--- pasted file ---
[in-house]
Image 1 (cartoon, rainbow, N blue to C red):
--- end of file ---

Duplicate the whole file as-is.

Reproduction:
[in-house]
Image 1 (cartoon, rainbow, N blue to C red):